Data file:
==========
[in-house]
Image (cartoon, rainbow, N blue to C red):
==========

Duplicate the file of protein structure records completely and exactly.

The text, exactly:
[in-house]
Image (cartoon, rainbow, N blue to C red):